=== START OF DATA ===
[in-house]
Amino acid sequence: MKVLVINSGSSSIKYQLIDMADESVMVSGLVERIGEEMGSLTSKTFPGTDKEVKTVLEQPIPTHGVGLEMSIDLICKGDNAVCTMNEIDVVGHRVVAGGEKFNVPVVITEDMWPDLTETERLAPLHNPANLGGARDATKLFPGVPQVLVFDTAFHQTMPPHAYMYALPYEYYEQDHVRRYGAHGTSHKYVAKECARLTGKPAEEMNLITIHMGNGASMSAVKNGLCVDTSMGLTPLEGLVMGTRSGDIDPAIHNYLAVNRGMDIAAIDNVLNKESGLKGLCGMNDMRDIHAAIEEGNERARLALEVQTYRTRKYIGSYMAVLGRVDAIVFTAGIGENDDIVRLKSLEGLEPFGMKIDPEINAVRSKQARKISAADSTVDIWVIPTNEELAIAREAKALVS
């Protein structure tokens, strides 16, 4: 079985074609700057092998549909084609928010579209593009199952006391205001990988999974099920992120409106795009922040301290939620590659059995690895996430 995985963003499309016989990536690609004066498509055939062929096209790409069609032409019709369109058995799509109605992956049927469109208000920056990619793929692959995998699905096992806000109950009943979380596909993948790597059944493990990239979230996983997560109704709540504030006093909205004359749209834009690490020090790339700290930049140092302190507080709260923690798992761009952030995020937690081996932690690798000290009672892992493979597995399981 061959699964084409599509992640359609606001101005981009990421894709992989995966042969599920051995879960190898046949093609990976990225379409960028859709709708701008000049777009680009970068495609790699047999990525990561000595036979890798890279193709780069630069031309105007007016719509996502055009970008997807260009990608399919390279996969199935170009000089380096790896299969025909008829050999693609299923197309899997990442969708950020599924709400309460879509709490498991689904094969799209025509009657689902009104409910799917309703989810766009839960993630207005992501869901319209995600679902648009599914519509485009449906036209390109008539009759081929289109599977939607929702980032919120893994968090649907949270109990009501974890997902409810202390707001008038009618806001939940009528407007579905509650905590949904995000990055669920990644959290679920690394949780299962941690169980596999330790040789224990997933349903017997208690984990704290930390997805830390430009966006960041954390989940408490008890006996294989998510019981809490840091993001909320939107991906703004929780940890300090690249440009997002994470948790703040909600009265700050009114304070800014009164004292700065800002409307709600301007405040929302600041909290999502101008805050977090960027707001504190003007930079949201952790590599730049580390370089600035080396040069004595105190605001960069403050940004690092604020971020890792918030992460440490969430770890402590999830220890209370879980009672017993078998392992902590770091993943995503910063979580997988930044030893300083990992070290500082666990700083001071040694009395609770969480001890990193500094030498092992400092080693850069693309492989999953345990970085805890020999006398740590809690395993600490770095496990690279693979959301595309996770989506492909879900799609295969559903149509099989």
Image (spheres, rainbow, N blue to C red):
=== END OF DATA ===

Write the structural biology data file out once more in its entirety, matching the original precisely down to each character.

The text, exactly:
[in-house]
Amino acid sequence: MKVLVINSGSSSIKYQLIDMADESVMVSGLVERIGEEMGSLTSKTFPGTDKEVKTVLEQPIPTHGVGLEMSIDLICKGDNAVCTMNEIDVVGHRVVAGGEKFNVPVVITEDMWPDLTETERLAPLHNPANLGGARDATKLFPGVPQVLVFDTAFHQTMPPHAYMYALPYEYYEQDHVRRYGAHGTSHKYVAKECARLTGKPAEEMNLITIHMGNGASMSAVKNGLCVDTSMGLTPLEGLVMGTRSGDIDPAIHNYLAVNRGMDIAAIDNVLNKESGLKGLCGMNDMRDIHAAIEEGNERARLALEVQTYRTRKYIGSYMAVLGRVDAIVFTAGIGENDDIVRLKSLEGLEPFGMKIDPEINAVRSKQARKISAADSTVDIWVIPTNEELAIAREAKALVS
């Protein structure tokens, strides 16, 4: 079985074609700057092998549909084609928010579209593009199952006391205001990988999974099920992120409106795009922040301290939620590659059995690895996430 995985963003499309016989990536690609004066498509055939062929096209790409069609032409019709369109058995799509109605992956049927469109208000920056990619793929692959995998699905096992806000109950009943979380596909993948790597059944493990990239979230996983997560109704709540504030006093909205004359749209834009690490020090790339700290930049140092302190507080709260923690798992761009952030995020937690081996932690690798000290009672892992493979597995399981 061959699964084409599509992640359609606001101005981009990421894709992989995966042969599920051995879960190898046949093609990976990225379409960028859709709708701008000049777009680009970068495609790699047999990525990561000595036979890798890279193709780069630069031309105007007016719509996502055009970008997807260009990608399919390279996969199935170009000089380096790896299969025909008829050999693609299923197309899997990442969708950020599924709400309460879509709490498991689904094969799209025509009657689902009104409910799917309703989810766009839960993630207005992501869901319209995600679902648009599914519509485009449906036209390109008539009759081929289109599977939607929702980032919120893994968090649907949270109990009501974890997902409810202390707001008038009618806001939940009528407007579905509650905590949904995000990055669920990644959290679920690394949780299962941690169980596999330790040789224990997933349903017997208690984990704290930390997805830390430009966006960041954390989940408490008890006996294989998510019981809490840091993001909320939107991906703004929780940890300090690249440009997002994470948790703040909600009265700050009114304070800014009164004292700065800002409307709600301007405040929302600041909290999502101008805050977090960027707001504190003007930079949201952790590599730049580390370089600035080396040069004595105190605001960069403050940004690092604020971020890792918030992460440490969430770890402590999830220890209370879980009672017993078998392992902590770091993943995503910063979580997988930044030893300083990992070290500082666990700083001071040694009395609770969480001890990193500094030498092992400092080693850069693309492989999953345990970085805890020999006398740590809690395993600490770095496990690279693979959301595309996770989506492909879900799609295969559903149509099989």
Image (spheres, rainbow, N blue to C red):